The main points of the speeches given by the President of the United States, the Israeli Prime Minister and the Chairman of the Palestinian Authority at the Annapolis meeting.

Israeli prime minister

Israeli prime minister

Annapolis meeting

Annapolis meeting

Israeli prime minister
The Israeli prime minister, the American president and the

Palestinian Authority chairman (Jim Young for Reuters, November 27).

President Bush’s speech and the joint understanding 

1. President Bush opened his speech by thanking the participants for coming to the meeting, which was intended, he said, to lay the foundation for a democratic Palestinian state living "side by side with Israel in peace and security” and to end the violence in the Middle East . He added that "we meet to help bring an end to the violence that has been the true enemy of the aspirations of both the Israelis and the Palestinians.”

2. After his opening he read the joint understanding agreed upon by the Israelis and the Palestinians. Its main points were the following:

i) " In furtherance of the goal of two states, Israel and Palestine, living side by side in peace and security, we agree to immediately launch good-faith bilateral negotiations in order to conclude a peace treaty, resolving all outstanding issues, including all core issues, without exception.”

ii) Both sides "agree to engage in vigorous, ongoing and continuous negotiations, and shall make every effort to conclude an agreement before the end of 2008. For this purpose a steering committee led jointly by the head of the delegation of each party will meet continuously…”

iii) " The steering committee will develop a joint work plan and establish and oversee the work of negotiations teams to address all issues, to be headed by one lead representative from each party. The first session of the Steering Committee will be held on 12 December 2007 . President Abbas and Prime Minister Olmert will continue to meet on a biweekly basis to follow up the negotiations in order to offer all necessary assistance for their advancement.”

iv) "The parties further commit to continue the implementation of the ongoing obligations of the road map until they reach a peace treaty.” Both sides agreed to form a Palestinian and Israeli mechanism led by the United States "to follow up on the implementation of the road map … The United States will monitor and judge the fulfillment of the commitment of both sides of the road map.”

3. Other issued raised in the President’s speech:

i) The Palestinians "want the dignity that comes with sovereignty and independence. They want justice and equality under the rule of law. They want freedom from violence and fear. The people of Israel have just aspirations, as well. They want their children to be able to ride a bus or to go to school without fear of suicide bombers. They want an end to rocket attacks… and both require an independent, democratic, viable Palestinian state…”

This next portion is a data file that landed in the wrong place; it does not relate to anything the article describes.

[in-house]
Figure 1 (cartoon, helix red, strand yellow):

ii) Abu Mazen and Prime Minister Salaam Fayyad "have both declared without hesitation that they are opposed to terrorism and committed to peace. They are committed to turning these declarations into actions on the ground to combat terror.”

iii) "… We must not cede victory to the extremists. ” Abu Mazen and his government "are offering the Palestinian people a … vision for the future, … a homeland of their own and a better life…” Their success "will deal the forces of extremism a devastating blow…” and "inspire millions across the Middle East …”

iv) "The Israelis must … show the world that they are ready to … bring an end to the occupation that began in 1967 through a negotiated settlement… Israel must demonstrate its support for the creation of a prosperous and successful Palestinian state by removing unauthorized outposts, ending settlement expansion and finding other ways for the Palestinian Authority to exercise its responsibilities without compromising Israel ‘s security.”

v) "Arab states also have a vital role to play.” They should support Abu Mazen and "work toward the normalization of relations” with Israel "and demonstrate in both word and deed that they believe that Israel and its people have a permanent home in the Middle East .”

Annapolis meeting

The three government heads at the Annapolis meeting
(The National Press Agency, November 27).

Abu Mazen’s speech

4. The main points of Abu Mazen’s speech: 1

i) Abu Mazen began his speech by thanking President Bush , Secretary of State Condoleezza Rice and those participating in the meeting, among them Arab-Muslim states, the International Quartet, the G-8 countries, members of the UN Security Council and European, Asia , African and Latin American countries. He said that such a broad spectrum of participants strengthened the resolve of the Palestinians to reach a historic equal agreement which would ensure the peace and security of an independent Palestine , of Israel and of all the countries in the Middle East .